Day Seven was one of those long days, with moments of consciousness, and moments of sadness and happiness. Happiness in that I know my move to California has been good for me, sadness in my friends and my little house that I left behind.
Shooting Stars, along the bridge in Fort Atkinson, Wisconsin, December 2013,
photo by Larry Eder
For me, traveling to new places is a huge part of my journey. I first asked my Mother to travel at twelve, when I wanted to go to a kibbutz in Israel. Mother, being the realistic sort, told me that I was too young to travel by myself, and honestly, she wanted me around until I was 18.
At fourteen, I had a chance to go to the Soviet Union and work on a collective farm for a month. I begged and begged, and no use. Mom was not letting her fourteen year old love child, ( I am the oldest and referred to, at least on Facebook as the love child by my father), oldest of five, to go to a godless, Communist state, lead by Mr. Breshniev. Again, the wait until you are eighteen.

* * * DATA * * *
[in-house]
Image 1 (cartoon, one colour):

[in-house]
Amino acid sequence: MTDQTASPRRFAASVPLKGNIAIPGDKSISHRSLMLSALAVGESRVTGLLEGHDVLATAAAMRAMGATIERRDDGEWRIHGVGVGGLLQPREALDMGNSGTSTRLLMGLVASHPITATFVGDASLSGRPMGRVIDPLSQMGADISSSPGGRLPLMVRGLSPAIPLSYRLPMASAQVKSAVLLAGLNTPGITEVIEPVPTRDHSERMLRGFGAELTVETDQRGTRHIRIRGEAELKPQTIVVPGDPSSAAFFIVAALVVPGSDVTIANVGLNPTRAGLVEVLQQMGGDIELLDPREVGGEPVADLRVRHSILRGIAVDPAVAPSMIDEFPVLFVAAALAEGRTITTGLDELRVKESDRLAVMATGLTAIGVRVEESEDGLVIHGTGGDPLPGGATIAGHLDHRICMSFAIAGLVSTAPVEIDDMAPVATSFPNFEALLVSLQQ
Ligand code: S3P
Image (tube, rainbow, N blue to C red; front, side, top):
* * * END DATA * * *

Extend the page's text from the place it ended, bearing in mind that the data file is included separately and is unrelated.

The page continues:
At nineteen, I left and went into the Jesuit Novitiate, but that did not last. It was not until 2013, Forty-one years after I had initially asked, that I made it to Russia. My mother sent me a text that she was happy that I finally made it to Russia.
On Sunday night, I wrote and packed until I left at five in the morning. I had flights from Copenhagen to Zurich, Zurich to Newark, Newark to Milwaukee and an hour drive back to Fort Atkinson.
Flights were sleep filled and episodes of Two and a Half Men, The Newsroom and perhaps one movie, but I can remember which one. Two and a Half Men is a train wreck, and sometimes, Charlie Sheen just does something for me.
My return to Fort Atkinson, where my little farm house sits, all alone, was duty. I needed to make sure that the pipes were not broken, a new lock worked on the front of the house and mice had not set up Central Command in the house.
My driver, Miles, picked me up in Milwaukee, reveled me with stories of our little town, and I headed back to the house, thinking that I would find a mouse version of Gullivers' Travels. Au contraire. The house was full of boxes, but no mice, so I headed out for my four mile walk down the river.
It was sixty-five degrees, a brief respite from the cold, and I reveled in it. Walking along the river, I spoke to some teenagers who had just caught a seven pound channel cat. I loved the river, and miss it very much.
My walk reminded me of the simple pleasures I enjoyed in Fort. Watching a family put up huge bird houses, a real rite of spring, and noticing how high the water is, kept my walk spirited, as I headed back for a quick shower and some time with a good friend.